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Black History Month: Celebrating Willie Hobbs Moore

As the first African American woman to earn a Ph.D. in physics from any American university, Willie Hobbs Moore was a trailblazer in both the national and local Michigan technical community; she received three degrees from the University of Michigan (BSEE '58, MSEE '61, Ph.D. Physics '72), specializing in the secondary chlorides of polyvinyl-chloride polymers for her doctoral studies.

Moore was born on May 23, 1934 in Atlantic City, New Jersey. A first-generation college student, Moore entered the University of Michigan in 1954, the same year of the landmark Brown vs. Board of Education desegregation ruling.  She progressed through Michigan’s undergraduate and graduate electrical engineering programs, ultimately working under noted infrared spectroscopist Dr. Samuel Krimm for her physics doctoral studies. 

From 1972-1977, Moore authored over 30 papers with Dr. Krimm and collaborators; she was published in a myriad of scientific journals, including the Journal of Molecular Spectroscopy, the Journal of Chemical Physics, and the Journal of Applied Physics. Throughout her career, Moore held engineering positions at Bendix Aerospace Systems Division, Barnes Engineering Company, Sensor Dynamics Inc. and the Ford Motor Company, where she rose to an executive position.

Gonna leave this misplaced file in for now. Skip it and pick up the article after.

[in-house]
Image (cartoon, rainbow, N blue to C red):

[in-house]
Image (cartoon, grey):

Since her passing in 1994, the Willie Hobbs Moore Award has been curated by the Women in Science and Engineering (WISE) organization in her honor. Last year, Aerospace Engineering Assistant Professor Dimitra Panagou was a recipient of this award for her technical contributions and outstanding student mentorship.

Article topics: Alumni


About Michigan Engineering: The University of Michigan College of Engineering is one of the top engineering schools in the country. Eight academic departments are ranked in the nation's top 10 -- some twice for different programs. Its research budget is one of the largest of any public university. Its faculty and students are making a difference at the frontiers of fields as diverse as nanotechnology, sustainability, healthcare, national security and robotics. They are involved in spacecraft missions across the solar system, and have developed partnerships with automotive industry leaders to transform transportation. Its entrepreneurial culture encourages faculty and students alike to move their innovations beyond the laboratory and into the real world to benefit society. Its alumni base of more than 75,000 spans the globe.